News Wrap: Winter Weather Disrupts Super Bowl Travel in Dallas
HARI SREENIVASAN: Wall Street swung back and forth on the jobs report for much of the day. In the end, the Dow Jones industrial average finished with a gain of nearly 30 points to close at 12,092. The Nasdaq rose 15 points to close at 2,769. For the week, the Dow gained more than 2 percent; the Nasdaq rose 3 percent.
An official state of emergency was in force in New Mexico today as bitter cold gripped the state for a fourth day. Natural gas service was cut off to thousands of people as usage soared and power blackouts hindered delivery. State government offices were shut down, and many local agencies and schools were also closed.
A new winter storm hit Texas just as Super Bowl weekend arrived. The Dallas area got up to five inches of snow, making driving dangerous and canceling hundreds of flights. That was bound to snarl travel plans for more than 100,000 fans expected for Sunday's NFL championship game. At the game site, Cowboys Stadium, six people were hurt today by ice falling off the roof. None of the injuries appeared to be life-threatening.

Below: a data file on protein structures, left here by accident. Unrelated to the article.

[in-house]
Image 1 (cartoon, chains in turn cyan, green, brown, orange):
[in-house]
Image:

The astronaut husband of Arizona Congresswoman Gabrielle Giffords will return to space after all. Mark Kelly announced today he will command the final voyage of space shuttle Endeavour, set to begin on April 19. He said his wife is recovering well after being shot in the head last month in Tucson.
She's now at a rehab center in Houston, where Kelly spoke this afternoon.
MARK KELLY, husband of Congresswoman Gabrielle Giffords: She's made progress every day.
So, about two weeks ago, I started going through the process myself of what would I need in order to get back with my crew to continue training. And considering a bunch of other factors, including how — what Gabrielle would want me to do and what her parents and her family and my family would like, you know, I ultimately made the decision that I would like to return.
HARI SREENIVASAN: Kelly's flight will be the next-to-last one for the shuttle program.
A federal lawsuit unsealed today accused the New York Mets' owners of ignoring the crimes of financier Bernard Madoff. The suit was filed by a trustee working for Madoff's victims. It said the Mets made $300 million in false profits from his Ponzi scheme. The trustee is also suing J.P. Morgan Chase. Court documents released Thursday said the bank had multiple warnings about Madoff. Both the bank and the Mets' owners denied the allegations.
Those are some of the day's major stories.